(Infant bonding and attachment to the caregiver: insights from basic and clinical science)
The bonding and early life attachment between the infant and caregiver is a dynamic, bidirectional process involving caregiver nurturing of the infant, as well as complementary infant behavior that elicits parental care. Attachment appears to have a dual function. The first function is to ensure the infant remains close to the caregiver in order to receive necessary care for survival. Interestingly, animal research has shown that both nurturing and painful stimuli associated with the caregiver support attachment. Secondly, the quality of attachment and its associated sensory stimuli organize the brain to define the infant's cognitive and emotional development. Specifically, the patterning and quality of care regulate the infant's brain function and behavioral expression that determines long-term emotional regulation. These issues, presented within an historical view of infant attachment, highlight the importance of integrating human and animal research in understanding infant care.
Keywords attachment; premature infants; odor; sensitive period
A common feature of many species is the formation of a mutual attachment between infant and caregiver that ensures the pair maintains contact. This attachment formation must engage both a maternal behavioral system for provision of care and a behavioral system in the infant that elicits parental care, thus beginning the complex dance of reciprocal attachment. The quality of care received from the mother also programs the infant's emotional and cognitive development by helping to sculpt the developing brain. Since infants must identify their caregivers, a unique pathway for rapid attachment learning appears to support the attachment formation, where robust and rapid attachment learning occurs that is akin to the “imprinting” described for avian species. This occurs in both the mother and the infant, although this review focuses solely on the infant. The characteristics of the infant's attachment to the mother undergo considerable changes as the infant matures into an independent organism.
Traditionally, the term attachment has been confined to the more complex cognitive, highly specific attachment exhibited by the time children reach their first birthday1,2. This original idea of attachment relates to its theoretical formation and the complex, cognitive representation of the attachment figure seen in older infants and children. However, newborns show specific, highly specialized behavior that can be characterized as attachment or bonding that is influenced by learning and experience. This behavior begins in utero and adapts to accommodate the changing world as the infant is born and matures. According to this more recent view, high-risk infants, such as premature infants, are vulnerable to forming lower quality attachments to their caregivers as a result of disrupted critical experience with the mother during pre- and post-natal development. A better understanding of the complex nature of early life caregiver-infant relationships may help us improve environments and outcomes for at risk infants.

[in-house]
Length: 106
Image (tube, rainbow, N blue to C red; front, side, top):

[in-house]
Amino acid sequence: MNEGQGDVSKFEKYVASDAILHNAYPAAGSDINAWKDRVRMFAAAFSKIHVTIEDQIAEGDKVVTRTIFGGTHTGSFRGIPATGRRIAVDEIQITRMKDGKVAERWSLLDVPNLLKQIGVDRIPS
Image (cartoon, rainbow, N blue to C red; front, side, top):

3. 在子宮開始對母親產生依附關係(Attachment to the mother begins in utero)：
At birth, the full term infant is attracted to the mother's voice and smell, including the scent of amniotic fluid3,4. This attraction to the mother's sensory stimuli is the first sign of the infant's attachment and bonding to the mother. This attachment begins during the last trimester of pregnancy, when auditory and olfactory systems become functional, allowing the fetus to learn about the mother's voice and odors. In the womb, the fetus is suspended in amniotic fluid, causing the olfactory mucosa and its receptors to be bathed in waves of this fluid during infant swallowing and thumb sucking. While the uterine acoustic environment is dominated by the rhythmic sound of the mother's blood flow, the mother's voice is carried through her bones and amniotic fluid to the fetal ears5. We know that fetal experience with these stimuli is important in shaping the newborn infant's response because experimental manipulation of the amniotic fluid's smell and of sound exposure have profound effects on the newborn's response to these stimuli6–8. Based on the animal literature, these stimuli appear to acquire significance through two mechanisms – through fetal learning and through shaping the development of the fetal brain's sensory systems5,9,10.
At birth, these familiar auditory and olfactory stimuli hold particular salience for the infant, as the infant suddenly transitions into a world filled with new sensory experiences, including new sights, sounds, textures, and temperatures. Indeed, maternal voice and odors may ease the infant's transition into extra-uterine life. Amazingly, a newborn placed on the mother's ventrum will crawl to the mother's breast, as it is a potent source of maternal odor but also a similarly potent source of amniotic odor11. Even on the first day of life, infants orient to their mother's odor and are soothed, when crying, by their mother's odor4,12,13. These behaviors seem to be expressed even in response to the odors of other mothers, but infants show significantly more mouthing to their own mother's odor12. In summary, these data suggest that the maternal odor organizes the infant's behavior for nursing14. Infants also orient to their mother's voice and will either decrease or increase their sucking rate in order to hear that voice in an operant conditioning paradigm3,15. Importantly, these infant responses to maternal cues also elicit care giving from the mother. The mutual infant-caregiver attachment is strengthened during this finely tuned dance of social behaviors as the infant and mother continue to learn about one another.